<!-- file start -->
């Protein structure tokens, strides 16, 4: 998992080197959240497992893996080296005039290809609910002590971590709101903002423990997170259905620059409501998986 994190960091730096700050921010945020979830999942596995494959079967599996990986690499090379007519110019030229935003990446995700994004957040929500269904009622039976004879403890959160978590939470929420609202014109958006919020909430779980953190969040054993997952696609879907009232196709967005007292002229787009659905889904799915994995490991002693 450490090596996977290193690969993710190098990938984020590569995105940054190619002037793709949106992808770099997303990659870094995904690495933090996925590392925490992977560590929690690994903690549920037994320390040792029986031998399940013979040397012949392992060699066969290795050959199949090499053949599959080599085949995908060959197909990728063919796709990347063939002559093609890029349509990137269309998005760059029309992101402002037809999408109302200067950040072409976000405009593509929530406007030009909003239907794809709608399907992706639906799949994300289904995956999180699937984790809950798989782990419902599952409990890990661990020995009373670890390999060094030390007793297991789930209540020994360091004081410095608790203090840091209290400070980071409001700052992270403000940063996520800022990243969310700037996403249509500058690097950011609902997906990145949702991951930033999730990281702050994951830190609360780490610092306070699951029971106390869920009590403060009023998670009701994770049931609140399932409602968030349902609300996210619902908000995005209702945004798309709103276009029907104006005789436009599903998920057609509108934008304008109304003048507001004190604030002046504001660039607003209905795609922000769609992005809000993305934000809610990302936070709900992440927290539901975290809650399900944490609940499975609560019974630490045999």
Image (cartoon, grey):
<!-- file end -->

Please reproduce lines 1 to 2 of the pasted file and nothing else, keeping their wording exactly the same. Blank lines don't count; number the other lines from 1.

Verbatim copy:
């Protein structure tokens, strides 16, 4: 998992080197959240497992893996080296005039290809609910002590971590709101903002423990997170259905620059409501998986 994190960091730096700050921010945020979830999942596995494959079967599996990986690499090379007519110019030229935003990446995700994004957040929500269904009622039976004879403890959160978590939470929420609202014109958006919020909430779980953190969040054993997952696609879907009232196709967005007292002229787009659905889904799915994995490991002693 450490090596996977290193690969993710190098990938984020590569995105940054190619002037793709949106992808770099997303990659870094995904690495933090996925590392925490992977560590929690690994903690549920037994320390040792029986031998399940013979040397012949392992060699066969290795050959199949090499053949599959080599085949995908060959197909990728063919796709990347063939002559093609890029349509990137269309998005760059029309992101402002037809999408109302200067950040072409976000405009593509929530406007030009909003239907794809709608399907992706639906799949994300289904995956999180699937984790809950798989782990419902599952409990890990661990020995009373670890390999060094030390007793297991789930209540020994360091004081410095608790203090840091209290400070980071409001700052992270403000940063996520800022990243969310700037996403249509500058690097950011609902997906990145949702991951930033999730990281702050994951830190609360780490610092306070699951029971106390869920009590403060009023998670009701994770049931609140399932409602968030349902609300996210619902908000995005209702945004798309709103276009029907104006005789436009599903998920057609509108934008304008109304003048507001004190604030002046504001660039607003209905795609922000769609992005809000993305934000809610990302936070709900992440927290539901975290809650399900944490609940499975609560019974630490045999």
Image (cartoon, grey):